Tandem solar cells consisting of amorphous and microcrystalline silicon junctions with the top junction nanopatterned as a two-dimensional photonic crystal are studied. Broadband light trapping, detailed electron/hole transport, and photocurrent matching modulation are considered. It is found that the absorptances of both junctions can be significantly increased by properly engineering the duty cycles and pitches of the photonic crystal; however, the photocurrent enhancement is always unevenly distributed in the junctions, leading to a relatively high photocurrent mismatch. Further considering an optimized intermediate layer and device resistances, the optimally matched photocurrent approximately 12.74 mA/cm2 is achieved with a light-conversion efficiency predicted to be 12.67%, exhibiting an enhancement of over 27.72% compared to conventional planar configuration.
Tandem solar cellsPhotonic crystalPhotocurrent matching
A common goal for photovoltaic (PV) design is to find effective ways to manage photons and excitons for high conversion efficiency by for example reducing cell reflection loss, improving light absorption of photoactive layers, and increasing charge collection. The rapid progress of PV science has witnessed a lot of advanced light-trapping scenarios and technologies, such as impedance-matched coating, moth's eye structures, optical antennas, and photonic crystals. Recent interests also focus on the applications of plasmonics in photovoltaics, e.g., by core-shell metallic nanowire design or metallic gratings. However, the strong parasitic absorption brings a big challenge to strictly balance the (negative) parasitic absorption loss and (positive) photocurrent gain of plasmonic solar cells (SCs). Therefore, conventional dielectric light-trapping structures are still attracting intensive research/application interests. Among these designs, photonic crystals are usually employed as an effective way to guide and confine the solar incidence, e.g., two-dimensional (2D) backside oxide grating and low- or high-dimensional photonic structures[11, 12].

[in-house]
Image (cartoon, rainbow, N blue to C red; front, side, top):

The above designs are mainly dedicated to single-junction SCs. The strong demand for high photoconversion efficiency requires a more efficient use of the broadband solar incidence, leading to the generations of tandem and multi-junction cells. One important direction is the silicon-based tandem thin-film SCs (TFSCs), which are realized by introducing a layer of hydrogenated microcrystalline silicon (μc-Si:H) into conventional amorphous silicon (a-Si:H) SCs. Compared to single-junction cells, a well-designed tandem solar cell has to be the combination of properly designed light trapping, efficient carrier transportation with low carrier loss, and perfectly matched photocurrent. Unlike the ordinary random texture or nanopattern in transparent conductive oxide (TCO), we recently proposed an a-Si:H/μc-Si:H tandem cell by nanopatterning the a-Si:H layer into one-dimensional (1D) grating. It is found that the realistic output photocurrent density (Jsc) after current matching treatment can be greatly improved arising from a broadband absorption enhancement, which is stable against the changes of light polarization and injection direction.